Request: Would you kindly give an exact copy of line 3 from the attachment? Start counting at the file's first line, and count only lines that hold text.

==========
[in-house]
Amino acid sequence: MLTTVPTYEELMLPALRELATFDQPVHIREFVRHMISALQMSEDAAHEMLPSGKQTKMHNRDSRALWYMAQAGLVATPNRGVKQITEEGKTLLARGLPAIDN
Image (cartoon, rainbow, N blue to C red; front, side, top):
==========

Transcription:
Image (cartoon, rainbow, N blue to C red; front, side, top):